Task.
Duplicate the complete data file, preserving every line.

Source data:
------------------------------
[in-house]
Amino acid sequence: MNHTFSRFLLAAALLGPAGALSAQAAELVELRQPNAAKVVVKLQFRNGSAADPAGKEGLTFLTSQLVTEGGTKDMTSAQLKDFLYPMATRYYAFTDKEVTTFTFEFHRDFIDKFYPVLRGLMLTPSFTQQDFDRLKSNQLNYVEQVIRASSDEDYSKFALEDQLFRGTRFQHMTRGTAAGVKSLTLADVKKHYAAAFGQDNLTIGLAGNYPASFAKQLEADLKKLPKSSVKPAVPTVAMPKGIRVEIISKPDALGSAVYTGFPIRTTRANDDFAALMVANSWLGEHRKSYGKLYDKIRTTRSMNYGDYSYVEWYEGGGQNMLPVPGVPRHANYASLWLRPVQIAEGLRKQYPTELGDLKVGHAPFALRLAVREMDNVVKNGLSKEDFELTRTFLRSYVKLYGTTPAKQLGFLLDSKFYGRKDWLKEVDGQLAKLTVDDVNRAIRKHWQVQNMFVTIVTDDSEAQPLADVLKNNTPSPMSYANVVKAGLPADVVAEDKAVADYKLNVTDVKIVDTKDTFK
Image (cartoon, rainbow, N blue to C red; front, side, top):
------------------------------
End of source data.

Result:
[in-house]
Amino acid sequence: MNHTFSRFLLAAALLGPAGALSAQAAELVELRQPNAAKVVVKLQFRNGSAADPAGKEGLTFLTSQLVTEGGTKDMTSAQLKDFLYPMATRYYAFTDKEVTTFTFEFHRDFIDKFYPVLRGLMLTPSFTQQDFDRLKSNQLNYVEQVIRASSDEDYSKFALEDQLFRGTRFQHMTRGTAAGVKSLTLADVKKHYAAAFGQDNLTIGLAGNYPASFAKQLEADLKKLPKSSVKPAVPTVAMPKGIRVEIISKPDALGSAVYTGFPIRTTRANDDFAALMVANSWLGEHRKSYGKLYDKIRTTRSMNYGDYSYVEWYEGGGQNMLPVPGVPRHANYASLWLRPVQIAEGLRKQYPTELGDLKVGHAPFALRLAVREMDNVVKNGLSKEDFELTRTFLRSYVKLYGTTPAKQLGFLLDSKFYGRKDWLKEVDGQLAKLTVDDVNRAIRKHWQVQNMFVTIVTDDSEAQPLADVLKNNTPSPMSYANVVKAGLPADVVAEDKAVADYKLNVTDVKIVDTKDTFK
Image (cartoon, rainbow, N blue to C red; front, side, top):